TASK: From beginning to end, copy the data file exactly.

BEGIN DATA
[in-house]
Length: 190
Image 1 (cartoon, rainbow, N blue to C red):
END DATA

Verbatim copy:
[in-house]
Length: 190
Image 1 (cartoon, rainbow, N blue to C red):